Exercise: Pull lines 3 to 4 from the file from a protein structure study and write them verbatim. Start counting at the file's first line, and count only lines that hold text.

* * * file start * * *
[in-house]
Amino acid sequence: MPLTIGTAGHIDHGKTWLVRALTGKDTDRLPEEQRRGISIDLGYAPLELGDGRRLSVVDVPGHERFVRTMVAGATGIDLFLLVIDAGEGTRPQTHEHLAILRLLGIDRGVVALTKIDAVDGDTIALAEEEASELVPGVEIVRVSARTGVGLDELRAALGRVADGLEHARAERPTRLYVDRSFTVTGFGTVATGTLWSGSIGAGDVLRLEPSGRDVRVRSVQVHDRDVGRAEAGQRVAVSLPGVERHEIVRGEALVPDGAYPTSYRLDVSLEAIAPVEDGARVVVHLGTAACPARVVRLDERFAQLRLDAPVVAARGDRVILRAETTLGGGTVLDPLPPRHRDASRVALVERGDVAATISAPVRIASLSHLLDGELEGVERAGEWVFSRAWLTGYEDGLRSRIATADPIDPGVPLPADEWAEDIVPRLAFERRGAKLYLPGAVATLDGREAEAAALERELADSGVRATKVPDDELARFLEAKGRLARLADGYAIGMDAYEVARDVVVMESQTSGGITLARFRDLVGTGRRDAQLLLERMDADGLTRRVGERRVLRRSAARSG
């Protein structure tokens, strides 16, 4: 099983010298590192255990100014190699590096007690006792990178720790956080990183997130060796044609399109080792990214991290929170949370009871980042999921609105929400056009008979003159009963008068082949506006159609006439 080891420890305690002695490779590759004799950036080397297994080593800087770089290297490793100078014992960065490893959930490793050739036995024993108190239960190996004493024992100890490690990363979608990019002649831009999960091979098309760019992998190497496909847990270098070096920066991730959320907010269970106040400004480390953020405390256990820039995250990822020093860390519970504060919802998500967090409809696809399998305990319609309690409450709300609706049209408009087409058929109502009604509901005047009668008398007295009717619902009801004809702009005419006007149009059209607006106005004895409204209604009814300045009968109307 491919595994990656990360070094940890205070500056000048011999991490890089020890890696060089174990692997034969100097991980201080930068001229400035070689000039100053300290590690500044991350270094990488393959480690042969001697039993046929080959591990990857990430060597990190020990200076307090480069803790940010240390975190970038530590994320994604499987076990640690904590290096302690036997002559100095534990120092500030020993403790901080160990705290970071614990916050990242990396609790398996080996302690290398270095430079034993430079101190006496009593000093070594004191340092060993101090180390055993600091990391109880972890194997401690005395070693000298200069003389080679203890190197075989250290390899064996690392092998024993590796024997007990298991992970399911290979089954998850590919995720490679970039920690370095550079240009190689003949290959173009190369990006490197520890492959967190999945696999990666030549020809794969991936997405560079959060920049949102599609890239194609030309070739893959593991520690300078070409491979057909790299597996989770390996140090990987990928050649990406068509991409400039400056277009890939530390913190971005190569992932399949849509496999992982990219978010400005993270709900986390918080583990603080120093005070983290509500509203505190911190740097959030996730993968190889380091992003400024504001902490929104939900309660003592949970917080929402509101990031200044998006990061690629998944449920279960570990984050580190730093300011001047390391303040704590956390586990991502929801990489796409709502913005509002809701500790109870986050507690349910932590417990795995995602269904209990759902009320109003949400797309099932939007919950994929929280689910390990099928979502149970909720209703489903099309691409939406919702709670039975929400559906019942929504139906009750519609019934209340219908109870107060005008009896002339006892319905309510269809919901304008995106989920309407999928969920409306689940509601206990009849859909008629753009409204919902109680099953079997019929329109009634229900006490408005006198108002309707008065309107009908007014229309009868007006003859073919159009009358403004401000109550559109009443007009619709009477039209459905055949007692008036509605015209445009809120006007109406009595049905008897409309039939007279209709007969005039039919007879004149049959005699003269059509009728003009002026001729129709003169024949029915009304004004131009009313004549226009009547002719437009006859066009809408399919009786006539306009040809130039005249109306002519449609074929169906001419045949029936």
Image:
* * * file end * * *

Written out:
């Protein structure tokens, strides 16, 4: 099983010298590192255990100014190699590096007690006792990178720790956080990183997130060796044609399109080792990214991290929170949370009871980042999921609105929400056009008979003159009963008068082949506006159609006439 080891420890305690002695490779590759004799950036080397297994080593800087770089290297490793100078014992960065490893959930490793050739036995024993108190239960190996004493024992100890490690990363979608990019002649831009999960091979098309760019992998190497496909847990270098070096920066991730959320907010269970106040400004480390953020405390256990820039995250990822020093860390519970504060919802998500967090409809696809399998305990319609309690409450709300609706049209408009087409058929109502009604509901005047009668008398007295009717619902009801004809702009005419006007149009059209607006106005004895409204209604009814300045009968109307 491919595994990656990360070094940890205070500056000048011999991490890089020890890696060089174990692997034969100097991980201080930068001229400035070689000039100053300290590690500044991350270094990488393959480690042969001697039993046929080959591990990857990430060597990190020990200076307090480069803790940010240390975190970038530590994320994604499987076990640690904590290096302690036997002559100095534990120092500030020993403790901080160990705290970071614990916050990242990396609790398996080996302690290398270095430079034993430079101190006496009593000093070594004191340092060993101090180390055993600091990391109880972890194997401690005395070693000298200069003389080679203890190197075989250290390899064996690392092998024993590796024997007990298991992970399911290979089954998850590919995720490679970039920690370095550079240009190689003949290959173009190369990006490197520890492959967190999945696999990666030549020809794969991936997405560079959060920049949102599609890239194609030309070739893959593991520690300078070409491979057909790299597996989770390996140090990987990928050649990406068509991409400039400056277009890939530390913190971005190569992932399949849509496999992982990219978010400005993270709900986390918080583990603080120093005070983290509500509203505190911190740097959030996730993968190889380091992003400024504001902490929104939900309660003592949970917080929402509101990031200044998006990061690629998944449920279960570990984050580190730093300011001047390391303040704590956390586990991502929801990489796409709502913005509002809701500790109870986050507690349910932590417990795995995602269904209990759902009320109003949400797309099932939007919950994929929280689910390990099928979502149970909720209703489903099309691409939406919702709670039975929400559906019942929504139906009750519609019934209340219908109870107060005008009896002339006892319905309510269809919901304008995106989920309407999928969920409306689940509601206990009849859909008629753009409204919902109680099953079997019929329109009634229900006490408005006198108002309707008065309107009908007014229309009868007006003859073919159009009358403004401000109550559109009443007009619709009477039209459905055949007692008036509605015209445009809120006007109406009595049905008897409309039939007279209709007969005039039919007879004149049959005699003269059509009728003009002026001729129709003169024949029915009304004004131009009313004549226009009547002719437009006859066009809408399919009786006539306009040809130039005249109306002519449609074929169906001419045949029936």
Image: